Treating Tobacco Use and Dependence USDHHS 2000

There is substantial evidence that intensive interventions have higher success rate than less intensive.p.37 There is a dose-response relation between counseling intensity and cessation success.p.38 The evidence suggests a dose-response relation between number of sessions and treatment and efficacy. P.49

Treating Tobacco Use and Dependence-2000

Multiple Clinicians involvement increase abstinence rate. P.60,61 Multiple formats increase abstinence rate-group counseling as well as individual, proactive telephone work.Ibid Multiple means of communication increase success Pamphlets,videos.mass media, computer programs, internet self-help sites. P 62 Tobacco Use and Dependence-2000

Number of Sessions
Number 0-1 2-3 4-8 >8

RR 1.0 1.4 1.9 2.3

Abstinence 12.4 16.3 20.9 24.7

Tobacco Use and Dependence p.60- 2000

RR= Relative Rate of Success

Time + Plus Intensity

Although the major focus of this research ir to show that both quality of the intervention and quantity of time spent between the Doctor and the smoker is most effective, the principles are equally true of group intervention. Time plus intensity equals abstinence.

Brevity vs. Longevity

Another problem associated with many quit programs is their ineffectiveness due to brevity, they do not last long enough to allow clients to shift long practiced smoking behaviors to non-smoking alternatives. The more intensive the program, the greater number of sessions, the more professional the servers the more extensive the follow up and maintenance the better the results.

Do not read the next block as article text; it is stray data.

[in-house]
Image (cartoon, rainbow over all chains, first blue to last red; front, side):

The Biochemical Reason for Lengthening the Program

Nicotine Addictive components of tobacco nicotine In 1988 the surgeon generals reported for the first time: Tobacco is addictive It is one of the most addictive substances used by humans. Nicotine is 6-8 times more addictive then alcohol of the people who use tobacco 95-100% will become addicted. P. 9
SGR. JAMA 252:2874, 1984.

In a teen survey, when asked how many would be smoking five years from now, 1% believed they would 13% believed they might be 5 years later in actuality 90% were still smoking.

Withdrawal Symptoms
Withdrawal effects are the most intense for about a month after cessation and Are the major motivating factor for the user to continue. Hughes, Arch. Of

Gen. Psychiatry, P. 19, 43: 2890294, 1986.

Why is Nicotine So Potent and Addictive?

Major characteristics of addiction according to the Am. Psychiatric Assn.

1. Compulsive

The users experience the most irresistible urges. After regular use the smoker is no longer free to start and stop at will. It is so persistent that one or more efforts to stop is unsuccessful. It is so pervasive in nature that every organ and every cell is addicted.

2. Psychoactive

Induces change in the brain causing alteration in mood, feeling, thinking and perception. Sustains repetitive self-administration by virtue of its re-enforcing effects. Rewards and strengthens the behavior. Deceptive it may take 20 years for major harm to be experienced. Versatility it can be a sedative or a stimulant, depends on administration. Frequency 73,000 puffs per year per pack Speed of action nicotine hits the brain in 7-10 seconds, provides immediate reward.

3. Tolerance
Diminished responsiveness to successive administration. Larger amount are often taken than originally intended.

4. Withdrawal
The drugs power is measured by the strength of withdrawal symptoms. The drugs strength is often measured by predictable symptoms within an hour of discontinuance. The drug provides immediate punishment for disuse.

5. Relapse